There are two aspects to activist investing, one on the long side and one on the short side. On the long side of activist investing, investors acquire a significant portion of shares available on the market and secure a seat on the board of a company post which they then put up proposals for requisite change.

Bill Ackman, shortly after setting up his hedge fund Pershing in 2004, acquired a large stake in Wendy’s the fast food chain. Wendy’s at that time held Tim Horton’s coffee business as its subsidiary. Wendy’s acquired Tim Horton’s in 1995. Tim Horton’s grew rapidly to spread across Canada. They had excellent revenue growth and profitability.

Wendy’s on the other hand struggled with competition. McDonald’s and Burger King made the US burger chain market a three-way competition. It struggled to maintain market share and was losing money overshadowing Tim Horton’s profitability and suppressing the true value of both the companies.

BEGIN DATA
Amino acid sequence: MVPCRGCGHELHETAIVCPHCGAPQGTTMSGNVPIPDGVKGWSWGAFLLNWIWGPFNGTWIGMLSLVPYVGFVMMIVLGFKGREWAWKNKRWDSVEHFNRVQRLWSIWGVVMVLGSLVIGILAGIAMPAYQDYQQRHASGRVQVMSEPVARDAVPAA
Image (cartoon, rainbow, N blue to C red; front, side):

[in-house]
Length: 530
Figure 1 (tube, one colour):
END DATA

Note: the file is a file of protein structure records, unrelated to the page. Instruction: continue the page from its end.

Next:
Ackman acquired a 10% stake in Wendy’s and teamed up with other investors to pressurize the management to spin off Tim Horton into a separately listed company. They listed other proposals for Wendy along with this and in 2006, the spin-off materialized to raise about $670 million for Wendy’s shareholders. Ackman exited his position in 2009 for a substantial profit.

He repeated this with General Growth in 2009. General Growth was a Real Estate Investment Trust (REIT) which operated malls. He spent $60 million to acquire shares of General Growth in 2009 at $0.35 a share which he then sold for $1.6 billion after turning the company around, a phenomenal profit.